An online resource based on the award-winning nature guide

Birds

Red-winged Blackbirds’ Diet Changing From Insects to Seeds

blackbird on cattail  118During the breeding season, insects make up the bulk of a Red-winged Blackbird’s diet, but during the rest of the year, plant seeds are preferred. While the seeds of ragweed, corn, oats and smartweed are more staple food sources, cattail seeds are not overlooked. At maturity, and under dry conditions, the cattail spike bursts, releasing the seeds (some estimates are as high as 228,000 seeds/spike). When this happens, blackbirds take advantage of the easily accessible source of food, but the minute size of each seed (.0079 inches long) means obtaining a meal is a labor-intensive endeavor.

Naturally Curious is supported by donations. If you choose to contribute, you may go to http://www.naturallycuriouswithmaryholland.wordpress.com and click on the yellow “donate” button.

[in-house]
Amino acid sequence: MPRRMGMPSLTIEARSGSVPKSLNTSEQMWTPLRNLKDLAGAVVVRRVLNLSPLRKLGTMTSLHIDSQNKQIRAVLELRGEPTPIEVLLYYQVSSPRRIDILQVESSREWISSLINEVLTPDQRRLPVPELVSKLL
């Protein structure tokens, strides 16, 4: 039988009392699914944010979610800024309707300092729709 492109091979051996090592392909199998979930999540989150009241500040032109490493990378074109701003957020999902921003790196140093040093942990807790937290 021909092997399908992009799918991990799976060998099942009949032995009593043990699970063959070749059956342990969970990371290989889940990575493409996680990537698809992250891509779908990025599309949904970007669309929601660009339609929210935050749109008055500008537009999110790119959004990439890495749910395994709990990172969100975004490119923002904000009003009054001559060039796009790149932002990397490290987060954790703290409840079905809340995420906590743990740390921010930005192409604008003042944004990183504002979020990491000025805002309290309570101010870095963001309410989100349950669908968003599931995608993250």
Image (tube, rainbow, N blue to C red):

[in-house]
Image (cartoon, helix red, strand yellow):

Hermit Thrushes Migrating & Stopping Over to Refuel

10-7-14 hermit thrush  092The Hermit Thrush is often one of the last thrushes to leave its breeding grounds in the fall — peak migration is between the end of September and the middle of October. High pressure, clear skies and wind from the north usually produce many sightings of this bird at this time of year. Unlike many other species of thrushes that winter in Central or South America, the Hermit Thrush is not a long distance migrator, and does not cross the Gulf of Mexico. Approximately one-third of all migratory flights end after only two to three hours of flight. Typically it makes several two-to-six-day stopovers to refuel before reaching its wintering grounds in southern U.S. and Mexico.

The Hermit Thrush is a nocturnal migrant, often departing roughly half an hour after sunset (over half of departures occur within 60 minutes after sunset and none after midnight) with most flights ending about 40 minutes before sunrise (none later than 20 minutes before sunrise). (Flight information from Birds of North America Online)